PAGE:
Own Goal #2

Following on from the above, the second thing we were surprised to learn is that Microsoft overrule a DMARC “reject” configuration, including if the above technique has been used to send the email.

Inspecting the headers of an email sent using the above method we see the following…

What this header tells us is:

  • The message failed the SPF authentication check because the sending IP address is not specified in DNS as a valid originator of emails from our domain.
  • The DMARC status is therefore “fail”, but…wait…what’s this…?
  • …for some reason our specified DMARC policy of “reject” has been replaced by something called “oreject” (see third line “action=oreject”).

Cutting to the chase, it turns out that Microsoft has decided it’s not going to reject messages that fail DMARC, even if the owner of the domain in question has made and published a policy decision that that’s what they want. Instead, they’ll mark it with “oreject” and deliver it into the Junk mail folder.

Again, pausing to consider this for a moment….by setting our DMARC policy to “reject” we are making a very clear statement that we don’t want mail-servers to deliver emails which fail authentication checks. But Microsoft has decided that they know better and delivers them anyway.

So what?

We have absolutely no axe to grind with Microsoft (having been very grateful recipients of support via their excellent Bizspark programme) but, sorry guys, it’s not cool that you’ve given external parties a direct route to send emails with spoofed internal addresses into our users’ mailboxes – in spite of the fact that we have everything set up to prevent exactly that.

Microsoft’s blog on their approach to DMARC is interesting reading – but what it fails to mention is that one of the main points of DMARC is to bring consistency to the handling of email authentication failures and to “remove guesswork from the receiver’s handling of these failed messages”.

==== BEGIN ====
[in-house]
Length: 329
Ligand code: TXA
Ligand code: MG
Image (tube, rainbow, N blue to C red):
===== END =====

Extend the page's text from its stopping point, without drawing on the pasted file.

That’s right – the whole thing is specifically designed to remove the need for mail-servers to make arbitrary decisions about what they will/won’t deliver. Those happy with an arbitrary decision have the option of not setting up DMARC and leaving it to the receiving mail-server to decide. But those of us who’ve set up DMARC have clearly stated how we want mail-servers to react in the case of authentication failures. And Microsoft are plain ignoring it.

Some might ask: what’s the problem here – you’ve said emails will be delivered into the Junk folder? Our answer would be to counter with a question of our own: what does the Junk folder, where plenty of legitimate email ends up, mean to users anyway? But that seems like a good topic for a future blog post…

Own goal image: Google and the Google logo are registered trademarks of Google Inc., used with permission.